Kuniyasu Saitoh

Associate Professor, Department of Physics, Kyoto Sangyo University *Profile is at the time of the award.

2021Inamori Research GrantsBiology & Life sciences

Research topics
Anomalous viscoelastic and elastoplastic properties of poly-dispersed particles and mathematical physics for their hierarchical structures of sizes
Soft particulate systems, e.g. emulsions, foams, colloidal suspensions, and granular materials, are ubiquitous in nature and a better understanding of their rheological and mechanical properties is crucial to engineering science. Generally, soft particles are macroscopic in size such that their motions are not affected by thermal fluctuations. Instead, they can dissipate kinetic energy by dissipative forces such as inelastic interactions and viscous damping. Moreover, structures of soft particle packings are mostly disordered so that their mechanical responses to global deformations are heterogeneous in space. Because of these athermal, dissipative, and heterogeneous nature, soft particulate systems have been the subject of non-equilibrium physics including statistical mechanics and soft matter physics. There have been many theoretical, numerical, and experimental studies of soft particulate systems. However, much less attention has been paid to “particle polydispersity”. For instance, size distributions of grains in seismic fault are given by power-law distribution functions which cause unexpectedly small resistance to shear and thus trigger serous earthquakes. This research aims to unveil the impact of particle polydispersity on the rheology and mechanics of soft particulate systems. By using molecular dynamics simulations, we try to reveal how the size distributions alter the macroscopic behavior of soft particles.


I believe that there are still many new approaches for research on soft particles.While conducting physics and numerical simulations, I look forward to interpreting these results from different perspectives and ideas every day.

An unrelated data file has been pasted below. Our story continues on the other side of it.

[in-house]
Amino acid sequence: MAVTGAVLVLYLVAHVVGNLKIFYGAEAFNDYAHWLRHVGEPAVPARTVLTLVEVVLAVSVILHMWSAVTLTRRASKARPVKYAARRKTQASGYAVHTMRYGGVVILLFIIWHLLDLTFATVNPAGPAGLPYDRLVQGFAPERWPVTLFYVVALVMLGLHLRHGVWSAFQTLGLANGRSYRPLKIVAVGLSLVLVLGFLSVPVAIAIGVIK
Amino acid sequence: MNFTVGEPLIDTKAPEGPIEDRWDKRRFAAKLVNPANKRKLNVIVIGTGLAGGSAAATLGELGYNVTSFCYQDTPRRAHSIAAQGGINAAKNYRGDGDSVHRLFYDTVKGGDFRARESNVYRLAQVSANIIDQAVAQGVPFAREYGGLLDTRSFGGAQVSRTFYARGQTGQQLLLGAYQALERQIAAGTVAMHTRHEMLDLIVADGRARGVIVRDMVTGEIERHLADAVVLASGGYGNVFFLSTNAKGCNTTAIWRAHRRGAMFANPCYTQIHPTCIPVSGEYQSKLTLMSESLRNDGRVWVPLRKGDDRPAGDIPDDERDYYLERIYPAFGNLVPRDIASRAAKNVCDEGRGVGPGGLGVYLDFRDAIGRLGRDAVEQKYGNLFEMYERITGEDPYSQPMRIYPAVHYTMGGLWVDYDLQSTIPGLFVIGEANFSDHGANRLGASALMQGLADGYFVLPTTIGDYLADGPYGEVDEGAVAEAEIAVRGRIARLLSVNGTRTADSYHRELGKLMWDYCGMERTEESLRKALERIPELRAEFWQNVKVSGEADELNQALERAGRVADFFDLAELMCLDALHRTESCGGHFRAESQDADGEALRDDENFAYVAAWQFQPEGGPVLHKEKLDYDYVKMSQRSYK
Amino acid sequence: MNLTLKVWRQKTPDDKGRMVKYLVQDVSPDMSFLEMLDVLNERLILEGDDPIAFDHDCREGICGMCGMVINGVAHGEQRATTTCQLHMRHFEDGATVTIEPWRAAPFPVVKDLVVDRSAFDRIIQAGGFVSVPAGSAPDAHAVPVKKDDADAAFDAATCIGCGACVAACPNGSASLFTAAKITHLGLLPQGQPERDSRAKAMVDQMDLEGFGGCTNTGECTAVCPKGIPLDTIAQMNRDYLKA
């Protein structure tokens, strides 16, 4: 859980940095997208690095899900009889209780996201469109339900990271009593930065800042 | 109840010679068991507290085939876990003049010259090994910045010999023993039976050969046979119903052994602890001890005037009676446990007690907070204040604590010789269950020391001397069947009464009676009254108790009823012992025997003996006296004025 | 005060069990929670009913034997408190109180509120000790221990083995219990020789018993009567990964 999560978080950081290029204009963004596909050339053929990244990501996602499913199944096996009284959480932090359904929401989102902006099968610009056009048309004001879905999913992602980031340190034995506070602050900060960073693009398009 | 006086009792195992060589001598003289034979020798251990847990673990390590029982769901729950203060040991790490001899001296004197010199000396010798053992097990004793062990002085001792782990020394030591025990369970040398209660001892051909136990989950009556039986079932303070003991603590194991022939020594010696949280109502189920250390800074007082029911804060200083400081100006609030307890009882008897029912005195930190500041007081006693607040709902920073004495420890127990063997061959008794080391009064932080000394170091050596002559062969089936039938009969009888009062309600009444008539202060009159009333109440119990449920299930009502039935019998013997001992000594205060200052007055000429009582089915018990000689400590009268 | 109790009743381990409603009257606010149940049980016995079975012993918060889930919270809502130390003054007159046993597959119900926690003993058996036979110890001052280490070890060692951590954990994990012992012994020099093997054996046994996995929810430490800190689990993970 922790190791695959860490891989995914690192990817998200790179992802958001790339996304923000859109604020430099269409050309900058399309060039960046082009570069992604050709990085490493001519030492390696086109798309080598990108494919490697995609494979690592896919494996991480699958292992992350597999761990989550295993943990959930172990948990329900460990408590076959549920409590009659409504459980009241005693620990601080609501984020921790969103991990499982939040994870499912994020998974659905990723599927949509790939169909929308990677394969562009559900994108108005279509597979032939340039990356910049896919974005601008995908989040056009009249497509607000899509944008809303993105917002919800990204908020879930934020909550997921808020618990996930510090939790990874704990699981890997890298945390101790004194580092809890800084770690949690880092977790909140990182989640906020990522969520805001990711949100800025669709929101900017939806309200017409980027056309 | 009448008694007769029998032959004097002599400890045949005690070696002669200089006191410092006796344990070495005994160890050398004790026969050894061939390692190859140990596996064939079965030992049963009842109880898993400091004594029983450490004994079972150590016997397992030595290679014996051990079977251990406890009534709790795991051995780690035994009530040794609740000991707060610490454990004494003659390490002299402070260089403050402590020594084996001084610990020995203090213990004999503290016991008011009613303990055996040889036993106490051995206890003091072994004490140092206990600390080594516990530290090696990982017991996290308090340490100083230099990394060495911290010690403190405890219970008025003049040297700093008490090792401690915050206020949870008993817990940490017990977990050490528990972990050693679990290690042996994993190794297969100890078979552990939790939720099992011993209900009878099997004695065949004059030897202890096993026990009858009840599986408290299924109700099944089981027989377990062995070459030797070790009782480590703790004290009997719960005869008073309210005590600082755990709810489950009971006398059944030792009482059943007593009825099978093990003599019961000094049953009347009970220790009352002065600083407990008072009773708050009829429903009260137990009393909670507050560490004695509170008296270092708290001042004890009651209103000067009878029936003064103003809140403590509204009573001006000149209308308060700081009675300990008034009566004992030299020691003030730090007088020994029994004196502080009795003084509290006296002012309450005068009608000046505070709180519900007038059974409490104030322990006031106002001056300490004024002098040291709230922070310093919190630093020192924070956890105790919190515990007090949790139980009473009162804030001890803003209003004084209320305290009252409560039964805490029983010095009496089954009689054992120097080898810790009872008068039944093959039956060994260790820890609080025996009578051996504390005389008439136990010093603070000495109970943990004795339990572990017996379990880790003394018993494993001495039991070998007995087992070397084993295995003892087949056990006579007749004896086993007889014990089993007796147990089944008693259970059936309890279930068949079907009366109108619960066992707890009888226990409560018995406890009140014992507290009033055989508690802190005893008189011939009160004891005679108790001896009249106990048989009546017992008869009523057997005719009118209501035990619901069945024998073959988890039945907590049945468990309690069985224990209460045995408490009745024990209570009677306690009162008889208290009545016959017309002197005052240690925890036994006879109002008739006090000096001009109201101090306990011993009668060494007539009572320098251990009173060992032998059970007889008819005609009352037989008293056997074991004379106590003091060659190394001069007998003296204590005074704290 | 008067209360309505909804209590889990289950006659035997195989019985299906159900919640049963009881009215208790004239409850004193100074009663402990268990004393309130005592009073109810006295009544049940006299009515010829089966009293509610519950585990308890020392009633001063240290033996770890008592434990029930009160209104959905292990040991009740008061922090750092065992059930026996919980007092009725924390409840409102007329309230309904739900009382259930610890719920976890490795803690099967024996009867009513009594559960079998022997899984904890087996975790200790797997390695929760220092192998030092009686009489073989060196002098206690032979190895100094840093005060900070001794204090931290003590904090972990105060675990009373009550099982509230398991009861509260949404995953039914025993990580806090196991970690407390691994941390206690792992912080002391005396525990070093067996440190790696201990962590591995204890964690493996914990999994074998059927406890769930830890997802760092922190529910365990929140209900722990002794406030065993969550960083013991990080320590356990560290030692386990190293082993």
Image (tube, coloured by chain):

Outline of Research Achievments

n this study, we have clarified how tangential forces between soft particles in contacts affect mechanical responses of the system to simple shear deformations. To demonstrate elastic responses, we introduced dynamical matrix of the particles, where each element is defined as second derivatives of elastic energy. Employing molecular dynamics (MD) simulations, we generated disordered configurations of the particles. We used the disordered configurations to calculate each element of the dynamical matrix. If the shear strain applied to the system is infinitesimal, shear modulus can be predicted by the eigenvalues and eigen-vectors of the dynamical matrix. We found that the shear modulus given by the dynamical matrix well agrees with numerical results of MD simulations and its dependence on packing fraction of the particles is significantly different from that of “frictionless” soft particles. We also confirmed that stress-strain curves in a steady state are well predicted by the dynamical matrix if the system does not exhibit slip avalanches. Furthermore, we have investigated statistics of the slip avalanches and found that the tangential forces or “friction” between the particles in contact is crucial to the scaling of avalanche size distributions.


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Biology & Life sciences